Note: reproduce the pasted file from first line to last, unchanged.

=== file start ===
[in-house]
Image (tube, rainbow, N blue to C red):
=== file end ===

[in-house]
Image (tube, rainbow, N blue to C red):